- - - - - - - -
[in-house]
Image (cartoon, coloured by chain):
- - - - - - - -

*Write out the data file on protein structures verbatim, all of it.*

[in-house]
Image (cartoon, coloured by chain):